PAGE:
Harmful Precedent 2: A public advocate seeming to prioritize a corporate partnership over citizen concerns
Waterfront Toronto is “the public advocate and steward of waterfront revitalization”. The agency has a long history of serving this role well.
But the Sidewalk Toronto process has suffered from a lot of confusion over where Waterfront Toronto (our public advocate) ends and Sidewalk Labs (a private company) begins.
I have no doubt many folks within Sidewalk Labs genuinely want to help cities. Yet the fact remains: Sidewalk Labs needs to turn a profit. And this project in Toronto is a chance for them test business strategies and products in order to do just that.
In my opinion, there isn’t anything inherently wrong with this. In our capitalist society, it’s simply the reality that private companies are profit-motivated. I also think well designed public-private partnerships can play important, catalytic roles in communities and economies.
But I see the (at least perception of) conflation between Waterfront Toronto and Sidewalk Labs in this project as fundamentally problematic, both from a community engagement perspective (how can citizens effectively engage when even the players aren’t clear?) and from an accountability perspective (how can a public advocate effectively hold a company to account, if the interests of the two are deeply intertwined?)
I don’t see a path for meaningful separation between Waterfront Toronto and Sidewalk Labs within Sidewalk Toronto’s current form, at this stage of the process.
I think the best way forward is for Waterfront Toronto say “thank you, Sidewalk Labs” and start again when we have clear data governance protections, with a new RFP that bakes in the lessons learned from this experience — including a different approach to collaborating with the winning vendor. I’m even open to the possibility that Sidewalk Labs could win that bid.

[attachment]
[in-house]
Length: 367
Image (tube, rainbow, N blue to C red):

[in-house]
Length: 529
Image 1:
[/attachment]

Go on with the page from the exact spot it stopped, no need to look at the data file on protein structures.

But I don’t think we can move forward with this project in its current form without sacrificing the interests of Torontonians, and setting a harmful precedent for ‘smart city’ projects Canada-wide.
Remember: we can say “no”
The project is only at the proposal stage, and the Waterfront Toronto board has the power to pull the plug.
If there was ever a moment to hit ‘reset’ it’s now — the stakes are relatively low, and we have clear lessons learned and a good sense of what needs to be done to make an initiative like this work better in the future.
Saying ‘no’ to this project doesn’t mean saying ‘no’ to innovation or investment in our city.
Saying ‘no’ to this project doesn’t mean Torontonians “don’t like change” as Sidewalk Labs CEO Dan Doctoroff has suggested.
It’s not “silly”, as Doctoroff also implied, for citizens to demand that our public interest be protected by the institutions that exist to do so — and to slow down to make that happen, if that’s what’s needed.
I’m certain there are other development projects quietly encountering (and likely ignoring) the issues that make this project so problematic. That’s why this is bigger than Quayside, and bigger than Sidewalk or Google or Alphabet.
I believe that saying ‘no’ to Sidewalk Toronto will in fact make us stronger, by demonstrating that Canadians have the will and the power to demand that development in our cities takes place for us and on our own terms.
If you feel the same, stand up and join the call to #BlockSidewalk today.